One of America’s top research universities

Why UWM is an elite research institution

UWM was honored with two prestigious national research awards in 2018. The university retained its Research 1 designation for highest research activity in the latest rankings from the Carnegie Classification of Institutions of Higher Education. Only 130 of the 4,338 universities and colleges considered for 2018 achieved the designation, which is awarded every three years and was first earned by UWM in 2015. Also in 2018, UWM was one of only two universities to receive the Campus-Wide Award for Undergraduate Research Accomplishments from the Council on Undergraduate Research. It recognizes the depth and breadth of a school’s undergraduate research. The awards reflect UWM’s excellence in research, particularly in the areas of health care, energy, entrepreneurship and freshwater science.

Graphic of 2018 awards

UWM’s top 10 research grants for 2018

The University of Wisconsin-Milwaukee had $58 million in research awards in the 2018 fiscal year. More than half of that amount – $29.6 million – came from federal agencies. Here is a look at the 10 largest active grants from 2018, including their primary investigators and funding sources.

GPS for gravitational waves

$14.6 million over five years, National Science Foundation
Xavier Siemens, physics

This funding supports a multi-institutional research center called the North American Nanohertz Observatory for Gravitational Waves. Scientists follow millisecond pulsars with radio telescopes in an effort to detect low-frequency gravitational waves and to learn more about how galaxies are formed and evolve.

Gravitational wave data analysis

$7.2 million over four years, National Science Foundation
Patrick Brady and Warren Anderson, physics

The Advanced Laser Interferometer Gravitational-Wave Observatory (aLIGO) is an international partnership that first detected gravitational waves in 2015 and is now studying them as a means of learning more about the universe. This grant sustains and enhances aLIGO’s data analysis infrastructure.

Childhood brain development

$3.8 million over three years, National Institutes of Health
Krista Lisdahl, psychology

A partner in the largest long-term study of brain development and child health, UWM is tracking biological and behavioral factors in nearly 400 Wisconsin children to identify how experiences, environment and biology interact to affect brain development. The children will be followed from ages 9 or 10 through young adulthood.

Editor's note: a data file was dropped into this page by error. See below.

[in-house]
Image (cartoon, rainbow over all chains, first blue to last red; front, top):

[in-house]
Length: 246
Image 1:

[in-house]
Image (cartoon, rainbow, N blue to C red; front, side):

Better catalysts for drug manufacturing

$3.6 million over six years, U.S. Department of Energy
Wilfred Tysoe, chemistry

Many molecules have a chemical structure that is chiral, meaning they come in two forms – a right-handed and a left-handed version. Pharmaceuticals must be synthesized with a handedness compatible with the human body. This project aims to understand how to modify catalysts to exclusively yield products with only one desired handedness.

Imaging biology with X-ray lasers

$3.1 million over five years, National Science Foundation and SUNY-Buffalo
Abbas Ourmazd, Marius Schmidt and Peter Schwander, physics

UWM scientists are using intense, ultrashort pulses from X-ray free electron lasers to compile atomic-level movies that show proteins and viruses in action for the first time.

The path to PTSD

$3.1 million over five years, National Institutes of Health
Christine Larson, psychology

Larson is exploring neurobiological factors that predict risk for long-term post-traumatic stress disorder. The goal is to facilitate earlier intervention to improve mental health, and the study focuses on people who have just experienced trauma.

Getting more seniors to exercise

$2.9 million over three years, National Institutes of Health
Scott Strath, kinesiology

In this study, people with movement limitations wear sensors as they go about their usual routines. It gathers previously unavailable information, allowing researchers to develop precise models to predict and encourage physical activity.

Seaweed as an energy source

$2.8 million, U.S. Department of Energy
Filipe Alberto, biological sciences

Giant kelp is the fastest-growing organism on Earth. Alberto is researching how to breed it with genetic traits best suited for mass farming in the ocean, which would make it a contender as a biofuel source.

The link between air pollution, autism and ADHD

$2.4 million over five years, National Institutes of Health
Amy Kalkbrenner, public health

The project aims to uncover whether exposure to pollutants during certain periods of pregnancy is more harmful to a developing brain than exposure in early childhood. It also looks at whether some genes can be protective or increase susceptibility to harm from pollution.

Treating asthma without an inhaler

$2 million over four years, National Institutes of Health
James Cook, Alexander “Leggy” Arnold and Doug Stafford, chemistry

By developing a new drug for asthma that’s taken as a pill, researchers could make steroid inhalers obsolete and reduce the potential side effects of long-term use of steroid medication.

Graphic with numbers on entrepreneurship programs and patents